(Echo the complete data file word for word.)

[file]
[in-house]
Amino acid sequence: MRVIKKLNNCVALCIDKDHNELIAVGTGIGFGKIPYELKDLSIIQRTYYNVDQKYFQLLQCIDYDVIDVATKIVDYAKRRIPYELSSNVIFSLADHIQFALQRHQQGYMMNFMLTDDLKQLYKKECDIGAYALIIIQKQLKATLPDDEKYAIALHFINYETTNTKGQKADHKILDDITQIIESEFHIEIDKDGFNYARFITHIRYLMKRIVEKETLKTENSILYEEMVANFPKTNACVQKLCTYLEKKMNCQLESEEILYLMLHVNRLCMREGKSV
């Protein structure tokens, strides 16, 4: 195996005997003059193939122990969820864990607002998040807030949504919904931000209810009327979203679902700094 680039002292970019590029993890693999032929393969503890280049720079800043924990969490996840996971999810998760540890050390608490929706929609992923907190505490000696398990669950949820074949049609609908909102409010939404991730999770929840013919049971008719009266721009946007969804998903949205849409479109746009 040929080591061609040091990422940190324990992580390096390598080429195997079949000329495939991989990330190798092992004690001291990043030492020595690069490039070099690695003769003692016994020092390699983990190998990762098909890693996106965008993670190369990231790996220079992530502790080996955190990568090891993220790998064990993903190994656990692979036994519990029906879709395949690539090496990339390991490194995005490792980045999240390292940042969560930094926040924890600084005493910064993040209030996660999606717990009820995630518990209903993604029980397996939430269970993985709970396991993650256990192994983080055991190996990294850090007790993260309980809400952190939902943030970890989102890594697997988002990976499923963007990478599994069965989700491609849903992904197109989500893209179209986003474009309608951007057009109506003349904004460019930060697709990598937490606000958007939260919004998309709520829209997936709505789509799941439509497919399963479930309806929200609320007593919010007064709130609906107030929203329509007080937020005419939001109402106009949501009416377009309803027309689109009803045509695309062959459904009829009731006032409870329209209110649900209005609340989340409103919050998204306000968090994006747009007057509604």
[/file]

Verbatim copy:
[in-house]
Amino acid sequence: MRVIKKLNNCVALCIDKDHNELIAVGTGIGFGKIPYELKDLSIIQRTYYNVDQKYFQLLQCIDYDVIDVATKIVDYAKRRIPYELSSNVIFSLADHIQFALQRHQQGYMMNFMLTDDLKQLYKKECDIGAYALIIIQKQLKATLPDDEKYAIALHFINYETTNTKGQKADHKILDDITQIIESEFHIEIDKDGFNYARFITHIRYLMKRIVEKETLKTENSILYEEMVANFPKTNACVQKLCTYLEKKMNCQLESEEILYLMLHVNRLCMREGKSV
């Protein structure tokens, strides 16, 4: 195996005997003059193939122990969820864990607002998040807030949504919904931000209810009327979203679902700094 680039002292970019590029993890693999032929393969503890280049720079800043924990969490996840996971999810998760540890050390608490929706929609992923907190505490000696398990669950949820074949049609609908909102409010939404991730999770929840013919049971008719009266721009946007969804998903949205849409479109746009 040929080591061609040091990422940190324990992580390096390598080429195997079949000329495939991989990330190798092992004690001291990043030492020595690069490039070099690695003769003692016994020092390699983990190998990762098909890693996106965008993670190369990231790996220079992530502790080996955190990568090891993220790998064990993903190994656990692979036994519990029906879709395949690539090496990339390991490194995005490792980045999240390292940042969560930094926040924890600084005493910064993040209030996660999606717990009820995630518990209903993604029980397996939430269970993985709970396991993650256990192994983080055991190996990294850090007790993260309980809400952190939902943030970890989102890594697997988002990976499923963007990478599994069965989700491609849903992904197109989500893209179209986003474009309608951007057009109506003349904004460019930060697709990598937490606000958007939260919004998309709520829209997936709505789509799941439509497919399963479930309806929200609320007593919010007064709130609906107030929203329509007080937020005419939001109402106009949501009416377009309803027309689109009803045509695309062959459904009829009731006032409870329209209110649900209005609340989340409103919050998204306000968090994006747009007057509604």